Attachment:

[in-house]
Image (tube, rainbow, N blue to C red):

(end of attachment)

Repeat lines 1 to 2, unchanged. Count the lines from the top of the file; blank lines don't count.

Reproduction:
[in-house]
Image (tube, rainbow, N blue to C red):